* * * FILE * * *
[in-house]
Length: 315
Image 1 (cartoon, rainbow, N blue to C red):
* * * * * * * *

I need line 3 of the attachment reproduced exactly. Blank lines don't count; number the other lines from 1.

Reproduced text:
Image 1 (cartoon, rainbow, N blue to C red):